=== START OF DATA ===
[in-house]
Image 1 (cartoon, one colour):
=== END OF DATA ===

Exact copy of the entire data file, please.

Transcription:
[in-house]
Image 1 (cartoon, one colour):